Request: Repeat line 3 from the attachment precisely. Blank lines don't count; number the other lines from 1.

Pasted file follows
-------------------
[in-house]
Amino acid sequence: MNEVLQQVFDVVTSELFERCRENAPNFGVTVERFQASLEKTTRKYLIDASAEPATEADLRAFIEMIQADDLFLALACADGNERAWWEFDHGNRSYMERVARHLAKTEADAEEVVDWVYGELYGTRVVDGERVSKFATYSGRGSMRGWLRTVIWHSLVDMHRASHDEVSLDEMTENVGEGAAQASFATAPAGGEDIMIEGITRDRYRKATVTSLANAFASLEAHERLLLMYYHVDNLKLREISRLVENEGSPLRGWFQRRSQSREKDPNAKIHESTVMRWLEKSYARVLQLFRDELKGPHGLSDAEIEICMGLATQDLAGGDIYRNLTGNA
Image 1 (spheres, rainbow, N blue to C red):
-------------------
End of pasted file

Image 1 (spheres, rainbow, N blue to C red):